Thursday, March 19, 2015


It has certainly been a while :)

The last few weeks I have been teaching myself a little PHP to help improve my skills and knowledge. In the process I decided to try and make a Web GUI for SQLMAP. When I originally started I was unaware of the JSON API that they already have available through (available from latest versions in github repo). The API itself is not documented anywhere really so I took it as a small challenge to see what I might be able to slap together. You can find most of the API functionality documented to best of my ability in the SQLMAPClientAPI.class.php file I wrote, hopefully it will be helpful to others in the future that look to expand or write cooler GUI's and apps for the API.

Quick View of the core SQLMAPClientAPI.class.php:

Now once I had that working, I decided to dive on into trying to make a front end. To date, I have only ever really tried breaking web applications, never really building them (I think I learned things backwards and wouldn't advice this path to others). I decided to use Bootstrap since it was easy to pickup and run with and well documented. The look is clean and simple for now, meets my minimum for acceptability test I suppose but leaves lots of room for improvements if you do this on a regular basis. I documented things in the source as best I could, where I could, but nothing too magical with the front end work and as I said plenty of room for further improvements...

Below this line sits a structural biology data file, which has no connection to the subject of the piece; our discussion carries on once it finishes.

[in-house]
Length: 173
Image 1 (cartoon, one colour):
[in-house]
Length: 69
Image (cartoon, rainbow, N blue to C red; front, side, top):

A few snapshots to show off the basic view:

I broke the  form up into tabbed areas to make it all a little easier to swallow since SQLMAP has a whole lot of options to configure scans with. The actual scan opens in a new tab so you dont loose all the form data and allows you to continue enumerating target as you build up info (I like it this way :p).

Request modifications:

Detection modifications:

Injection & Technique modifications:

Enumeration & Data Dumping modifications:

System Access & Advanced Exploitations:

You can find the code on Github for your forking, pulling, and pushing delights:

How to get things setup:
  •  Install SQLMAP and all necessary dependencies per the standard sqlmap instructions...
  •  Get a basic LAMP setup going per your favorite distro's guide